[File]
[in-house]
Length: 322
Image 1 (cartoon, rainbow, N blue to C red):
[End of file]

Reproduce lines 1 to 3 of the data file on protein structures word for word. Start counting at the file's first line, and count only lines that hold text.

[in-house]
Length: 322
Image 1 (cartoon, rainbow, N blue to C red):